Ratio of Children to Women, 1920: A Study in the Differential Rate of Natural Increase in the United States

By Warren S. Thompson | Go to book overview

APPENDIX
FERTILITY IN ENGLAND AND WALES: 1911

In Table A we have the fertility of completed marriages in England and Wales according to the time of marriage ( 1886 to 1851 and earlier), according to the age of wife at marriage (15 years and over), and according to the general social status of the family. Three facts stand out clearly in this table: First, as the social status of the class becomes better, the size of the family decreases. Thus for all ages and for all durations of marriage, women in the unskilled class (V) had borne 528 children per 100 couples, those in the skilled class (III) 489, and those in the upper and middle classes (I) 389 (standardized rates). Of course, the survival rate is higher in the classes of higher social status but not enough higher to make up for the deficiency in births, so that the lower classes contribute more than proportionally to the next generation. It should also be noted that miners' wives (VII) bear more children than the wives of textile workers (VI) and farm laborers (VIII). The latter, however, raise more of their children so that they have the largest surviving families of any of the groups compared here.

The second outstanding fact is that there has been a steady decline in the number of children born in all social classes since 1851 or earlier. Among miners the decline apparently set in a little later than among other groups. The decline in the number of births has been much greater than the decline in the number of survivors in all classes. This is probably due to a general improvement in the standard of living and in the sanitary and medical service available. One of the surest indications of improved living conditions is a lower death rate.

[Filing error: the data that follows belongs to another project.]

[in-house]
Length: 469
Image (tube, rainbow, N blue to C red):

The third fact of importance is that the number of children born varies with the age of the wife at marriage. For example, the postponement of marriage by women from 20-24 to 25-29 means for the general population a decline of 192 children or 31 per cent (from 620 to 428) per 100 families, and it is much the same per cent in all classes.

Table B, showing the distribution of completed families by size, needs little comment. For the families where there are children, one and two child families are not at all common. Together they comprise only 5. 2 per cent of all completed families, being slightly more numerous than families with 14 or more children. Just less than one- half (47.1 per cent) of all the completed families having children had 7 children or fewer, while 38 per cent of all the families had 8 to 11 children.

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